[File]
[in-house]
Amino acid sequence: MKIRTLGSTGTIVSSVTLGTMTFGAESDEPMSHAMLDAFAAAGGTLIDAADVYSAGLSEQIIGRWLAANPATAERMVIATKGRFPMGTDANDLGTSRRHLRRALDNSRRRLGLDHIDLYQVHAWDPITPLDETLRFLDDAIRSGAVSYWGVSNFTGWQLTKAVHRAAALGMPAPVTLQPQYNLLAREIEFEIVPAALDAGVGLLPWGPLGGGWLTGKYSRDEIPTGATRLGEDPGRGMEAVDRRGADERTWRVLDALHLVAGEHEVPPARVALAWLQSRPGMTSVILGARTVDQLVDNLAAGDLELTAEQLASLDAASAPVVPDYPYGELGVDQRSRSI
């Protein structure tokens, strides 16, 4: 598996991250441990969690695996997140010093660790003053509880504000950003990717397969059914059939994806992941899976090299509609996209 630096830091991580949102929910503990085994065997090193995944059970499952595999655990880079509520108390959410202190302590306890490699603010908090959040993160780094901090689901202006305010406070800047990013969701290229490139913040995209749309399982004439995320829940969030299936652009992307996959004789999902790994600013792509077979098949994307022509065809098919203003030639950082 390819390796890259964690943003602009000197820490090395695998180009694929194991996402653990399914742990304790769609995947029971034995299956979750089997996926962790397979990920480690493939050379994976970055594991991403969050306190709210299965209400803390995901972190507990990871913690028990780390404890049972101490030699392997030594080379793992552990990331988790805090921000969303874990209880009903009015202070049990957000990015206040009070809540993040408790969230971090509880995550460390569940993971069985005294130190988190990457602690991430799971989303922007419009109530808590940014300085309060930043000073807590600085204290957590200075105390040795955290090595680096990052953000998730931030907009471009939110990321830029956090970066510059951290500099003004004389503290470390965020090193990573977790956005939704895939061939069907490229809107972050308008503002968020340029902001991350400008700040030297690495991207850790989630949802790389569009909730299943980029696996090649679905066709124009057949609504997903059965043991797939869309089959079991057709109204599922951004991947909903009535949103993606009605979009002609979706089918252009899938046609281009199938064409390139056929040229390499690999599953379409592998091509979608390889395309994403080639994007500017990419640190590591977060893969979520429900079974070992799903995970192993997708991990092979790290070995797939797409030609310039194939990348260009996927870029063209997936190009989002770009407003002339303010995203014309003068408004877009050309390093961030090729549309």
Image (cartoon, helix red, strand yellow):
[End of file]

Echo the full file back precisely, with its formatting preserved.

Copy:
[in-house]
Amino acid sequence: MKIRTLGSTGTIVSSVTLGTMTFGAESDEPMSHAMLDAFAAAGGTLIDAADVYSAGLSEQIIGRWLAANPATAERMVIATKGRFPMGTDANDLGTSRRHLRRALDNSRRRLGLDHIDLYQVHAWDPITPLDETLRFLDDAIRSGAVSYWGVSNFTGWQLTKAVHRAAALGMPAPVTLQPQYNLLAREIEFEIVPAALDAGVGLLPWGPLGGGWLTGKYSRDEIPTGATRLGEDPGRGMEAVDRRGADERTWRVLDALHLVAGEHEVPPARVALAWLQSRPGMTSVILGARTVDQLVDNLAAGDLELTAEQLASLDAASAPVVPDYPYGELGVDQRSRSI
């Protein structure tokens, strides 16, 4: 598996991250441990969690695996997140010093660790003053509880504000950003990717397969059914059939994806992941899976090299509609996209 630096830091991580949102929910503990085994065997090193995944059970499952595999655990880079509520108390959410202190302590306890490699603010908090959040993160780094901090689901202006305010406070800047990013969701290229490139913040995209749309399982004439995320829940969030299936652009992307996959004789999902790994600013792509077979098949994307022509065809098919203003030639950082 390819390796890259964690943003602009000197820490090395695998180009694929194991996402653990399914742990304790769609995947029971034995299956979750089997996926962790397979990920480690493939050379994976970055594991991403969050306190709210299965209400803390995901972190507990990871913690028990780390404890049972101490030699392997030594080379793992552990990331988790805090921000969303874990209880009903009015202070049990957000990015206040009070809540993040408790969230971090509880995550460390569940993971069985005294130190988190990457602690991430799971989303922007419009109530808590940014300085309060930043000073807590600085204290957590200075105390040795955290090595680096990052953000998730931030907009471009939110990321830029956090970066510059951290500099003004004389503290470390965020090193990573977790956005939704895939061939069907490229809107972050308008503002968020340029902001991350400008700040030297690495991207850790989630949802790389569009909730299943980029696996090649679905066709124009057949609504997903059965043991797939869309089959079991057709109204599922951004991947909903009535949103993606009605979009002609979706089918252009899938046609281009199938064409390139056929040229390499690999599953379409592998091509979608390889395309994403080639994007500017990419640190590591977060893969979520429900079974070992799903995970192993997708991990092979790290070995797939797409030609310039194939990348260009996927870029063209997936190009989002770009407003002339303010995203014309003068408004877009050309390093961030090729549309």
Image (cartoon, helix red, strand yellow):